How Pa. police departments reaped a windfall of military gear, explained | Analysis

By: - October 15, 2020 6:30 am

Pittsburgh Police officers during a protest on June 1 (Pittsburgh City Paper photo by Jared Wickerham)

Pennsylvania police departments have received a surge of military equipment from the Pentagon over the last five years, moving the state to the middle of the pack of states in the amount and value of equipment received as part of a burgeoning national transfer of battle-ready items to civilian law enforcement.

According to data compiled by the Costs of War Project at Brown University, Pennsylvania law enforcement entities received military equipment transfers as part of the Department of Defense’s 1033 Program, valued at $19,337,578 in the years after the Sept, 11, 2001, attacks. That is when the military transfer program accelerated and ballooned.

Those transfers to the state accounted for at least 12,851 items. Local, county and state police entities received equipment transfers.

The Costs of War Project, at Brown’s Watson Institute, is a team of 35 scholars, legal experts, human rights practitioners, and physicians. It began its work in 2011.

Those numbers compare to state law enforcement entities receiving 152 items from the Pentagon valued at $180,690 during some pre-September 11 years, according to the data. Among the years state entities received items before the attacks were in 1994, 1995, 1996, and 1997, according to project data.

These post-September 11 numbers reflect transfers up to June of 2020.  Transfers have continued since.

Among the items received by Keystone State police entities after September 11, 2001: 17 mine-resistant vehicles valued at $12,456,000 and nine robot items valued at $1,397,924. Other items transferred included small arms, ammunition, armored trucks, thermal sights and night vision goggles/sniper scopes, various utility/maintenance trucks, ambulances, all-terrain vehicles, and generators.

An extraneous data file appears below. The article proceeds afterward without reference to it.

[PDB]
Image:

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They also received more benign items such as coffeemakers, stopwatches, mirrors, power drills, bulletin boards, and books and records.

Among the police departments receiving mine resistant vehicles are Scranton, Abington Township, New Kensington,  New Castle, Darby, Upper Darby Township, Robinson Township, Plymouth Township , Stroud Area Regional Police, Lower Makefield Township, Center Township, Trainer Borough, New Britain Township, Chester Township, Ohio Township, Pottstown, and Spring Township.

Overall, the Brown University study shows that the Department of Defense’s 1033 Program has transferred at least $1.6 billion worth of equipment to law enforcement agencies across the nation and in U.S. territories since September 11, 2001, including at least 1,114 mine-resistant vehicles and more than 1,000 robot items. That compares to at least $27 million in transfers before the attacks.

Total equipment value, by year (Source: , at Brown University’s Watson Institute.).

A primary reason for the huge surge in military equipment transfers was a new mandate and new resources for local law enforcement based on the premise that they would be on the front lines in a domestic war against terrorism.

This had the effect of intensifying the militarization of police through an influx of military weapons and equipment, ramped-up surveillance and intelligence-sharing, and increased hiring of combat veterans as officers, according to the study.

Pennsylvania entries did not begin receiving significant transfers until 2008, when a smattering of equipment flowed to the state. There was a bump up in 2010 but the major surge has occurred over the last four years.

That is similar to what happened with other states, Jessica Katzenstein, the study’s author, said.

“Equipment transfers through the 1033 Program can be seen as a lagging indicator of U.S. military buildup and withdrawal, particularly after the drawdown from Iraq in 2010. As well, big-ticket items like MRVs (Mine Resistant Vehicles) only became available to law enforcement once the military began reducing its inventory, so those transfers only began in 2009 and spiked even later,” she said.

For example, Pennsylvania did receive very small amounts of equipment between September 11, 2001, and 2009, but they were dwarfed by later transfers, Katzenstein said.